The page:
Top 5 performance cars at the Toronto auto show
Hidden behind the hybrids and electric cars at this yea's Toronto auto show, we've found the top five performance vehicles high-octane car fans need to check out.
Environmentalists and politicians may attack high-performance automobiles as the cause of most of the planet’s problems, but there’s still a market for vehicles that can speed the pulse of those luck enough to remember that cars can be fun to drive.
Hidden behind the hybrids and electric cars at this year’s Toronto auto show, we’ve found the top five performance vehicles high-octane car fans need to check out:
Ford F-150 SVT Raptor
Depending on how you define “performance,” Ford’s new F-150 SVT Raptor could be the best new debut at this year’s show.
Created to take on the most challenging off-road adventures (like the famous Baja 1000 off-road race) as well as the everyday potholed commute, the Raptor â€“ 178 mm wider than the F-150 it’s based on but with its own distinctive styling â€“ is Ford’s “ultimate off-road performance truck.”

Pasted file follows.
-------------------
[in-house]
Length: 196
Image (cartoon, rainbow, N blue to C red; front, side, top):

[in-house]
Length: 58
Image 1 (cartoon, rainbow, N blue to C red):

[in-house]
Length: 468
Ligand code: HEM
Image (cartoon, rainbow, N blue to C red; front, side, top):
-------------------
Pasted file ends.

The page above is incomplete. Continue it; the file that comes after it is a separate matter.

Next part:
Under the Raptor’s hood is the ubiquitous 5.4-litre V8 with 310 hp (a 6.2-litre eight will be available after launch). But where the Raptor goes rogue compared to other production pickups is in its sophisticated off-road suspension setup.
In addition to 340 mm of usable travel in the rear suspension and 284 in the front, the Raptor employs industry-first internal bypass shocks by Fox Racing Shox. These apparently help provide a smooth ride and a lower, wider suspension designâ€“something Ford says makes the Raptor the first stock pickup that’s fully off-road capable.